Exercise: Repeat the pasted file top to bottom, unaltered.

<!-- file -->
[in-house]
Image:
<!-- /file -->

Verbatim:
[in-house]
Image: